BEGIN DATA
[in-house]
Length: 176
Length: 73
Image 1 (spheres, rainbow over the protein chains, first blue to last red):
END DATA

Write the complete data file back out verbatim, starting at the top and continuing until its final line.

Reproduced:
[in-house]
Length: 176
Length: 73
Image 1 (spheres, rainbow over the protein chains, first blue to last red):